We've all seen wildlife documentaries showing young animals—lion cubs, perhaps—wrestling, chasing, pouncing on their siblings. Observe household puppies and kittens and you'll see the same behavior: young animals at play.
Play is defined as spontaneous, energetic behavior with no apparent purpose or goal. But whenever there's considerable expenditure of energy, a closer look is warranted. There may not be apparent goals, but the true benefits of play are being recognized by a growing number of disciplines.
Evolutionary biologists have come up with a number of theories about the benefits of play. There's the obvious: play as practice or preparation. Coyote pups chase and pounce and bite as young predators in training. Young deer run and leap and kick as a prey species learning escape tactics. Advances in neuroscience have confirmed that play helps build the many brain cell connections essential to cognitive development.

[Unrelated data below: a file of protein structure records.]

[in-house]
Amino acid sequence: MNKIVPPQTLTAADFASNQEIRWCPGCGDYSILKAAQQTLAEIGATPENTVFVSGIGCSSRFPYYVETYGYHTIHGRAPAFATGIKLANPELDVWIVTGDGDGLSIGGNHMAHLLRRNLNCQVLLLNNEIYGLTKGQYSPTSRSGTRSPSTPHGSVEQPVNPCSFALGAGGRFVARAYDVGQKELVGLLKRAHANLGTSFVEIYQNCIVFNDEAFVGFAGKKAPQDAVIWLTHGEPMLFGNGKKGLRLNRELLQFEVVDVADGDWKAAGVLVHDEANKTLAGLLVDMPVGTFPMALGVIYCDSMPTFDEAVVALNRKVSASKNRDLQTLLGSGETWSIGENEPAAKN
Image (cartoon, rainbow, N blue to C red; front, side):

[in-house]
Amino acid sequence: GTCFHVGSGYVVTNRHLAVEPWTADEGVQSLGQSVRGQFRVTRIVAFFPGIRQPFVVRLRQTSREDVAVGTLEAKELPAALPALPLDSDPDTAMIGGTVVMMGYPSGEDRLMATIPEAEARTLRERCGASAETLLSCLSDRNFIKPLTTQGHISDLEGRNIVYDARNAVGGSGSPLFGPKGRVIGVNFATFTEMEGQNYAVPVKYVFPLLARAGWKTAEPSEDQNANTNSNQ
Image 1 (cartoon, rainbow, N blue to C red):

Another theory relates to stress and the emotions. Survival in the wild has many challenges, and constant vigilance is required either to hunt for food or to avoid being hunted. Play releases existing stress and quite possibly builds resistance to future stress.
Delve into the subject and you'll find a lot of crossover conclusions. All the benefits of play—applied to otters, crows, bear cubs and the like—are also applied to children at play. A youngster at play, undirected by adults, is a youngster exuberantly going about the important business of physical, cognitive and emotional development.